Thursday, April 04, 2019

A great UH basketball season comes to an end

The Cougars made it all the way to the Sweet Sixteen for the first time in 35 years but, alas, could advance no further:
One of the best seasons in University of Houston history came down to the wire Friday night. 
After rallying from a 13-point deficit, the Cougars held the lead in the final minute only to have one of the best seasons in program history come to an end with a 62-58 loss to second-seeded Kentucky in a Midwest Region semifinal before an announced crowd of 17,385 at Sprint Center. 
Kentucky (30-6) will play fifth-seeded Auburn – a 97-80 winner over top-seeded North Carolina – on Sunday for a spot in the Final Four.
In spite of the loss, it was still an excellent season for the Coogs. They had one of the best seasons in program history, notching a 33-4 record and winning winning the American Athletic Conference regular season title. The Cougars also enjoyed multiple sellouts at their impressively-renovated arena. They made back-to-back NCAA Tournament appearances for the first time since the Phi Slama Jama era of the early 1980s. In the Big Dance, they met the expectations of their seeding by making it to the Sweet Sixteen and came ever so close to advancing even further. People, both locally and nationally, actually care about UH basketball again. It's a far cry from just a few years ago, when the program wallowed in mediocrity, obscurity and apathy.

Going into the second weekend of the tournament, there were rumblings that the guy responsible for the resurgence of UH basketball - head coach Kelvin Sampson - may be lured away to another school, such as Arkansas. Fortunately, the (admittedly legitimate) jitters of the UH faithful were eased today as he signed a six year, $18-million contract extension which will hopefully keep him in Houston for the rest of his career; it also designates his son, Kellen, as "head coach in waiting." Jeff Balke explains why this is good for the program:
All indications are that Sampson is beloved by his players and a fine recruiter of talent. With a new building and a new contract, never mind the high profile stage of March Madness, there is reason for hope for UH fans. Given his age (63), he won't catch Lewis, but he's already the second best coach in UH history. Get a title for the Coogs and he'll have done something no one, not even Lewis and Phi Slama Jama, could muster. For now, it looks like he'll have a few more years to make it happen.
Ryan Monceaux agrees, and provides some insight into the work that Sampson has had to accomplish to bring the program back to national - let alone local - relevance:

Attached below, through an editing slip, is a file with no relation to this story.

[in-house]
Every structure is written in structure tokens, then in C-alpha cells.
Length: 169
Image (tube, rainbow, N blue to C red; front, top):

When he was hired, Sampson knew the UH program was struggling but even he now acknowledges that it had fallen further than he had imagined. The players were soft and weren’t interested in the intense, no-nonsense new coach. Only 5 players stayed from Dickey’s last team but that wasn’t his main problem. 
“This was the hardest resuscitation (of my career) because of the facilities and the apathy,” Sampson said. 
Looking back, the situation was much worse than it seemed at the time: a few hundred fans would show up 16-18 times a year in one of the worst arenas in the country. Because of the program’s decades-long erosion, it was difficult for hardcore fans to realize how abnormal the situation had become. 
In Sampson’s first year, the announced average attendance (2,635) was the lowest in school history. Those were the tickets accounted for – including students – which is a wildly inflated number. Most nights, you could count the total attendance during a 30-second timeout.
To be sure, long-overdue physical investments in the program - the new basketball practice facility and the complete renovation of Hofheinz Pavilion into the Fertitta Center - helped tremendously. But facilities can only go so far; a program also needs a guy who can recruit talent and coach it to success. Kelvin Sampson is that guy, and the University of Houston is doing the right thing by making sure he continues to lead the program for years to come.
In 5 years with Sampson at the helm, the results speak for themselves. A program once left for dead boasts an incredible practice facility, a sparkling new arena, an AAC regular season title, and 3 NCAA Tournament wins in the last two seasons. It also has its savior for 6 more years. 
Cougar basketball is back.

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